Distribution: Widely distributed throughout Washington; widely distributed throughout North America.
Habitat: In deep, rich soil or near moisture, sagebrush deserts, shady lowlands and mountain slopes, sea level to subalpine.
Origin: Both native and introduced
Flowers: May-September
White horse nettle (Solanum elaeagnifolium)
Origin: Introduced from Mexico and eastern United States
American black nightshade (Solanum americanum)
Distribution: Occurring on both sides of the Cascades crest in Washington; British Columbia south to California, east along the southern border of the U.S. to the Atlantic Coast.
Habitat: Disturbed open areas, roadsides, waste ground.
Origin: Introduced from Europe
Flowers: July-September
Bittersweet nightshade (Solanum dulcamara)
Distribution: Widely distributed throughout Washington; widely distributed throughout North America.
Habitat: Thickets, clearings and open woods, usually in moist soil
Origin: Introduced from Eurasia
Flowers: May-September
Climbing nightshade (Solanum dulcamara)
Distribution: Widely distributed throughout Washington; widely distributed throughout North America.
Habitat: Thickets, clearings and open woods, usually in moist soil
Origin: Introduced from Eurasia
Flowers: May-September
Cut-leaf nightshade (Solanum triflorum)
Distribution: East of the Cascades in Washington; widespread throughout North America, except eastern U.S.
Habitat: Weedy native in fields and roadsides, often in undisturbed sites at low to moderate elevations.
Origin: Introduced
Flowers: July-August
Deadly nightshade (Atropa belladonna)
Origin: Introduced
Enchanter's nightshade (Circaea alpina)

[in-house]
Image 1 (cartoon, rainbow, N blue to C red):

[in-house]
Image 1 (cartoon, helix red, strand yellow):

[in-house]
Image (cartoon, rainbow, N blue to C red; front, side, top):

Distribution: Both sides of the Cascades in Washington; Alaska to Newfoundland, south (mostly in the mountains) to California and Georgia.
Habitat: Cool, damp woods, low to mid-elevations in the mountains.
Origin: Native
Flowers: May-July
European black nightshade (Solanum nigrum)
Distribution: Occurring in scattered locations on both sides of the Cascades crest in Washington; widely distributed throughout North America.
Habitat: Fields, roadsides and other disturbed sites, especially in moister areas; often in urban and suburban areas.
Origin: Introduced from Europe
Flowers: July-November
Hairy nightshade (Solanum physalifolium)
Origin: Introduced
Horned nightshade (Solanum rostratum)
Distribution: Widely distributed throughout Washington, where it is considered a noxious weed; widely distributed throughout North America.
Habitat: Roadsides and other disturbed areas, often where dry.
Origin: Introduced from central US
Flowers: June-September
Silver-leaf nightshade (Solanum elaeagnifolium)
Origin: Introduced from Mexico and eastern United States
Mallow ninebark (Physocarpus malvaceus)
Distribution: East of the Cascades, British Columbia to Oregon, east to Alberta and Montana, and south to Utah and Wyoming